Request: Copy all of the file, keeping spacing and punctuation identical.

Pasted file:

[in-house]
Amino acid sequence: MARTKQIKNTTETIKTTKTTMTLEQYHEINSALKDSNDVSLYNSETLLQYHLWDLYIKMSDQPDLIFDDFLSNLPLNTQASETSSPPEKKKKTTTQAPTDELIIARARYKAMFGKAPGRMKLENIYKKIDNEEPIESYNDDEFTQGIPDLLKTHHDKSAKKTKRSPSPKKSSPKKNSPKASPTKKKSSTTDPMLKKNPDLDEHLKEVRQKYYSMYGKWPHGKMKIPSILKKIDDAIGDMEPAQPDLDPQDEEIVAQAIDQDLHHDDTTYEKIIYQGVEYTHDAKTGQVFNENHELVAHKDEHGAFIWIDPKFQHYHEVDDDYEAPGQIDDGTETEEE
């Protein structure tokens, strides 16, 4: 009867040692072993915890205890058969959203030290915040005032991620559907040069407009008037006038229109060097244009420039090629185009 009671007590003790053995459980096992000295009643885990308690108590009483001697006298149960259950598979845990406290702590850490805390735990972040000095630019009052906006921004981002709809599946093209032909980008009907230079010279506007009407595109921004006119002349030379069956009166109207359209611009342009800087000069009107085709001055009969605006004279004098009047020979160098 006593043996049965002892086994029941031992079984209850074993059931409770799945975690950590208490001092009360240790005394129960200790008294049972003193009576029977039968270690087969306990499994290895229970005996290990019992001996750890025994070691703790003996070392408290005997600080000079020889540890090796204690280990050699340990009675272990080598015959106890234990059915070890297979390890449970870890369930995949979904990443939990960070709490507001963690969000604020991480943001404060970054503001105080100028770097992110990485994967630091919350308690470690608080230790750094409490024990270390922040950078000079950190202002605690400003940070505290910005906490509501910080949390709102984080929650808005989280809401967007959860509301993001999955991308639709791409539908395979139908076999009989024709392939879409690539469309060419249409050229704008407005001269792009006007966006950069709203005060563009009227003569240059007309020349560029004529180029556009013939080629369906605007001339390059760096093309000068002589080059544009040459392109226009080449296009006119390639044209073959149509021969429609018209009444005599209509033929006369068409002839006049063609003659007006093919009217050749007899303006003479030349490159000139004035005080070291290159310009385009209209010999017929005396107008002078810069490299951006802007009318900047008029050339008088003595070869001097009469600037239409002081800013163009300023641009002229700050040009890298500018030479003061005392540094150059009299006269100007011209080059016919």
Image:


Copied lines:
[in-house]
Amino acid sequence: MARTKQIKNTTETIKTTKTTMTLEQYHEINSALKDSNDVSLYNSETLLQYHLWDLYIKMSDQPDLIFDDFLSNLPLNTQASETSSPPEKKKKTTTQAPTDELIIARARYKAMFGKAPGRMKLENIYKKIDNEEPIESYNDDEFTQGIPDLLKTHHDKSAKKTKRSPSPKKSSPKKNSPKASPTKKKSSTTDPMLKKNPDLDEHLKEVRQKYYSMYGKWPHGKMKIPSILKKIDDAIGDMEPAQPDLDPQDEEIVAQAIDQDLHHDDTTYEKIIYQGVEYTHDAKTGQVFNENHELVAHKDEHGAFIWIDPKFQHYHEVDDDYEAPGQIDDGTETEEE
């Protein structure tokens, strides 16, 4: 009867040692072993915890205890058969959203030290915040005032991620559907040069407009008037006038229109060097244009420039090629185009 009671007590003790053995459980096992000295009643885990308690108590009483001697006298149960259950598979845990406290702590850490805390735990972040000095630019009052906006921004981002709809599946093209032909980008009907230079010279506007009407595109921004006119002349030379069956009166109207359209611009342009800087000069009107085709001055009969605006004279004098009047020979160098 006593043996049965002892086994029941031992079984209850074993059931409770799945975690950590208490001092009360240790005394129960200790008294049972003193009576029977039968270690087969306990499994290895229970005996290990019992001996750890025994070691703790003996070392408290005997600080000079020889540890090796204690280990050699340990009675272990080598015959106890234990059915070890297979390890449970870890369930995949979904990443939990960070709490507001963690969000604020991480943001404060970054503001105080100028770097992110990485994967630091919350308690470690608080230790750094409490024990270390922040950078000079950190202002605690400003940070505290910005906490509501910080949390709102984080929650808005989280809401967007959860509301993001999955991308639709791409539908395979139908076999009989024709392939879409690539469309060419249409050229704008407005001269792009006007966006950069709203005060563009009227003569240059007309020349560029004529180029556009013939080629369906605007001339390059760096093309000068002589080059544009040459392109226009080449296009006119390639044209073959149509021969429609018209009444005599209509033929006369068409002839006049063609003659007006093919009217050749007899303006003479030349490159000139004035005080070291290159310009385009209209010999017929005396107008002078810069490299951006802007009318900047008029050339008088003595070869001097009469600037239409002081800013163009300023641009002229700050040009890298500018030479003061005392540094150059009299006269100007011209080059016919």
Image: